Beyond being an issue of social justice, inclusion and diversity in companies have a direct effect on their growth, innovation and performance. These were the findings published in McKinsey’s latest study, “Delivering through diversity”, which reaffirms the link between a greater proportion of women and a more mixed ethnic and cultural composition in leadership roles, and company financial performance.
The research, which focused on 1,000 companies in 12 countries, found a positive correlation between gender diversity and profitability and value creation – top-quartile companies had a 27% likelihood of outperforming fourth-quartile peers on longer-term value creation. The correlation of gender diversity was particularly notable in executive teams.
Companies with the most ethnically diverse executive teams were also found to be 33% more likely to outperform their peers on profitability. However, ethnic and cultural diversity on executive teams in the US and the UK remains low. In particular, of all the minorities, black women are the most underrepresented in line roles and may face a harder path to CEO, according to the report.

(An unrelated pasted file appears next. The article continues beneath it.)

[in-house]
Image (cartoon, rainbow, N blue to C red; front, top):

A causative link
“The take-home message here is that a business which relies on innovation will benefit significantly from supporting diversity within its organisation. It’s really that simple,” said Richard Warr, co-author of the paper “Do Pro-Diversity Policies Improve Corporate Innovation?”.
Their research showed that companies with policies encouraging the promotion and retention of a diverse workforce – in terms of gender, race and sexual orientation – across a broad range of industry sectors perform better at developing innovative products and services. “To be clear, we found that there is a causative link – it’s not just a correlation,” emphasised Warr.